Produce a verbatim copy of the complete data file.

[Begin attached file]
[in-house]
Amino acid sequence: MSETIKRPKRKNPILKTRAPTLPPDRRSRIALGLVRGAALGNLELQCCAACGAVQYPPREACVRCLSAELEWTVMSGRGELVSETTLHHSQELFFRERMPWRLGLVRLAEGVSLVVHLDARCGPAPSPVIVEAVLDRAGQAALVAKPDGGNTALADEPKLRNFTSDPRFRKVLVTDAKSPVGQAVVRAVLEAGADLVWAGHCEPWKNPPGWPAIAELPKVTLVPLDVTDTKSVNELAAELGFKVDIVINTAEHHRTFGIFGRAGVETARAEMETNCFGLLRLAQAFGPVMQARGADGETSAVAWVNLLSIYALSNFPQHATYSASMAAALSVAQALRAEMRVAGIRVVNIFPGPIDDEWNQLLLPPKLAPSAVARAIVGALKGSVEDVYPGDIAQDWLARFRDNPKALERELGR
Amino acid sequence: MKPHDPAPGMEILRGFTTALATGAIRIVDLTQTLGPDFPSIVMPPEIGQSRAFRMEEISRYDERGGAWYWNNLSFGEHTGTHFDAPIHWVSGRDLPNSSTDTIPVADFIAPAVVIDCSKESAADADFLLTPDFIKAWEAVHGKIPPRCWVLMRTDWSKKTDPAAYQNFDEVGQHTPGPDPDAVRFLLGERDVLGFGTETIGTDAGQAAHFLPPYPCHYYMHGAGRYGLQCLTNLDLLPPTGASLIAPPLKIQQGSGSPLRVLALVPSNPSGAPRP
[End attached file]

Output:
[in-house]
Amino acid sequence: MSETIKRPKRKNPILKTRAPTLPPDRRSRIALGLVRGAALGNLELQCCAACGAVQYPPREACVRCLSAELEWTVMSGRGELVSETTLHHSQELFFRERMPWRLGLVRLAEGVSLVVHLDARCGPAPSPVIVEAVLDRAGQAALVAKPDGGNTALADEPKLRNFTSDPRFRKVLVTDAKSPVGQAVVRAVLEAGADLVWAGHCEPWKNPPGWPAIAELPKVTLVPLDVTDTKSVNELAAELGFKVDIVINTAEHHRTFGIFGRAGVETARAEMETNCFGLLRLAQAFGPVMQARGADGETSAVAWVNLLSIYALSNFPQHATYSASMAAALSVAQALRAEMRVAGIRVVNIFPGPIDDEWNQLLLPPKLAPSAVARAIVGALKGSVEDVYPGDIAQDWLARFRDNPKALERELGR
Amino acid sequence: MKPHDPAPGMEILRGFTTALATGAIRIVDLTQTLGPDFPSIVMPPEIGQSRAFRMEEISRYDERGGAWYWNNLSFGEHTGTHFDAPIHWVSGRDLPNSSTDTIPVADFIAPAVVIDCSKESAADADFLLTPDFIKAWEAVHGKIPPRCWVLMRTDWSKKTDPAAYQNFDEVGQHTPGPDPDAVRFLLGERDVLGFGTETIGTDAGQAAHFLPPYPCHYYMHGAGRYGLQCLTNLDLLPPTGASLIAPPLKIQQGSGSPLRVLALVPSNPSGAPRP